In 2018 I read Nancy Johnson's article on Writer Unboxed encouraging writers to figure out what their novel's big question is. I saved it on my desktop and went back to it several times as I wrote Half-Truths. That question is in my mind and shaping the sequel.
So, it's no coincidence that after I finished reading For Black Girls Like Me (Farrar Straus Giroux, 2019) by Mariama J. Lockington one of my thoughts was, "What is the big question this book answers?"
I don't know if Ms. Lockington has this in her mind when she wrote this middle grade book, but my question for this book would be, "What does a black girl experience who was adopted into a white family and never knew her birth mother?"
Using free verse poetry and poetic prose, the novel provides powerful insight into eleven-year-old Makeda June Kirkland's reality. Readers are immersed into the life of a girl whose hippie mother named her after an Ethiopian girl who died in a famine. Makeda's response: "I like Keda for short. I am not a dead girl." (p. 8)
The book opens with Keda, her older sister Eve, and her used-to-be-concert-violinist mother driving across country to New Mexico to meet their father who has taken a job as the principal cellist in the New Mexico Symphony. "Mama is up front with one hand on the wheel. Her violin in the passenger seat. The neck tipped down like a bottle being emptied into the seat." (p.3) This image poetically foreshadows Mrs. Kirkland's battles.
Music, according to their father, is their legacy. Forced to play piano, but loving singing more, Keda wonders if she sounds like gibberish when she sings since her father outlaws the gibberish of rap, hip-hop, and R and B. Keda's constant question is, "Where do I belong?"
I love Ella and Billie Holiday and oh I just can't get enough of Nina Simone. These women sing and I feel like they are talking to me. Like we are speaking the same language. Like they know what it is to feel loved and lonely all at the same time. (p. 18)
Although Keda realizes her parents love her, that knowledge doesn't stop her from wondering about her birth mother. "Even though these days I can't help feeling like I'll never be whole. That somewhere out there is a woman with my face. Another mother. Missing me the way I miss her." (p. 33)
Keda's voice is in the songs she makes up.
.... I try to imitate different instruments with the sound of my voice. I don't sing any real words. I just open myself to the sounds and sing what I feel. I close my eyes and sway back and forth. I like to think about notes as colors and shapes. I like to swish the notes around in my mouth. Taste them on my tongue. Then I try to fill the whole world with my breath. With my sound.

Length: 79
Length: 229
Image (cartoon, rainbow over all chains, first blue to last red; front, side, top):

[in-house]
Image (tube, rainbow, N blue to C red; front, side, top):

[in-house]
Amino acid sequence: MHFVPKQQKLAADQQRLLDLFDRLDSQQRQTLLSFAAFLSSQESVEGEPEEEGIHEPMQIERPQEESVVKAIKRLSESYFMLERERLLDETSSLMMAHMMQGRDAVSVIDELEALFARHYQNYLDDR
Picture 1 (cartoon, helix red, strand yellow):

In Albuquerque, Keda misses her best friend Lena (who is Haitian and was adopted by a white family) and has problems at her new school. Although Keda is used to people staring at her parents and then at her, trying to figure out where she came from, this time it is particularly painful. A teacher assumes she is from Africa, a fellow sixth grader calls her the N-word, and Keda's fragile new world breaks apart.
A brief stint of homeschooling is followed by a disastrous summer. Her father goes on tour, her mother pulls away from the girls and into her own world, and Keda stops hearing from Lena. In a manic turn of events, her mother suddenly decides to take the girls on a trip to Colorado which ends in her attempted suicide--for which Keda blames herself.
The end of the book is a symphony of clashes between the sisters that climax with new empathy and forgiveness. The ways in which the family pulls together after Mrs. Kirkland's hospitalization are painful, tentative, and yet authentic.
I loved one of the final scenes when Keda's mother's violin-playing invades Keda's dream--and she realizes that it's not a dream. After her mother ends her impromptu concert, the two speak honestly about her mother's mental illness and her mother suggests that Keda take formal voice lessons. That night Keda sleeps better than she has in months. In the morning her fantasy friends who she calls the Georgia Belles, sing their last song to her ending with:
You are ripe
Your own magic
You don't need us to be free
All you need is a song
So I fling my blinds open, I open my mouth. I smear my ripe voice all over the morning. And let it ring. (p. 316)
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